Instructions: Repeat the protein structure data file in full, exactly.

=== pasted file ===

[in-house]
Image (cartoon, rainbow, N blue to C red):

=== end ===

[in-house]
Image (cartoon, rainbow, N blue to C red):